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For WA Oil Refineries, What Qualifies as Air Pollution?

 

May 24, 2012



SEATTLE - If you can't meet the requirements to regulate air pollution, try changing them. That's what plaintiffs in a recent lawsuit say the state of Washington is attempting to do.

Last year, environmental groups sued the state for failing to regulate emissions from five oil refineries, and a district court judge agreed with the groups. This week, the Ecology Department has proposed changes to the state's plan for curbing air pollution.

A plaintiffs' attorney in the original case, Janette Brimmer with Earthjustice, says Ecology now wants to change the definition of an "air contaminant."

"For this federal Clean Air Act stuff that the lawsuit was about, it's not going to include greenhouse gases anymore. It won't include hazardous pollutants. It's only going to include pollutants for which there are National Ambient Air Quality Standards, and that's a small handful."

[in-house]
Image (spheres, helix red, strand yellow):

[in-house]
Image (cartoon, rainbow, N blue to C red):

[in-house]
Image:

The refineries along the coast, owned by major oil companies, are Washington's second-largest source of greenhouse gas pollution, emitting carbon dioxide, methane and nitrous oxide. Ecology already regulates sulfur dioxide and other air pollutants.

The judge ruled that the state and regional clean-air agencies in Washington have been violating the Clean Air Act by not requiring the refineries to use "reasonably available control technologies" to reduce air pollution. Brimmer, who represented the Washington Environmental Council in court, says Washington could be a leader in cleaning up its air - but not if the state continues to stall.

"We could do it in a way that is reasonable for the industry that's involved. Because it's really about efficiency measures at refineries, it ultimately actually benefits the refineries. They'll save money if they do the kinds of pollutant controls that we are talking about."

The proposed changes will be open for public comment, and also will have to be approved by the federal Environmental Protection Agency.

The proposal can be viewed online at wecprotects.org. Definitions are on pages 5 and 6.

 

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